Though Louis Armstrong was a memorable presence in films, on radio and on television, it was the recording studio where he made his most lasting–and influential art. Any survey of Armstrong’s discography must start with his innovative Hot Five and Hot Seven recordings of the 1920s, music that changed the course of American popular music for good. Armstrong’s 1928 recordings with Earl “Fatha” Hines–including “West End Blues,” “Weather Bird” and many others–are worth singling out.
Big Band Artist
But one should not stop listening to Armstrong’s recordings in 1928. He began fronting big bands in 1929, making standards out of songs such as “I Can’t Give You Anything But Love,” “Ain’t Misbehavin’,” “When You’re Smiling,” and countless others. In 1935, he began recording for Decca, a wonderful, underappreciated run of music that lasted until 1946.
THE ALL STARS
In 1947, Armstrong began fronting a sextet, the All Stars, but he continued challenging himself in the recording studio. The final 24 years of his career found him recording with the All Stars, with big bands, with strings, with vocalists such as Ella Fitzgerald and jazz legends such as Oscar Peterson, Duke Ellington and Dave Brubeck. These were also the years of his biggest hits–”Hello, Dolly!,” “Mack the Knife,” “What a Wonderful World,” and more.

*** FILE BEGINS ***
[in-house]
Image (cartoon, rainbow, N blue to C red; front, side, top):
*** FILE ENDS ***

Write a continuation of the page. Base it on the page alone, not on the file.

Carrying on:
Louis Armstrong made thousands of recordings and most have been reissued and repackaged many times over the years. This roughly chronological discography will give you recommendations from the Louis Armstrong House Museum.
Keep in mind that Louis’s recorded career stretched from 1923 until 1971. Some of the earlier recordings were made during a time when recording technology was in its infancy. If you are used to digital, “clean as a whistle” recordings, you may at first be disappointed by the sound quality, and if you haven’t heard much early jazz, you may be surprised by the style. But listen a little closer and you’ll hear why these recordings have stayed in print for almost a century and still thrill audiences today.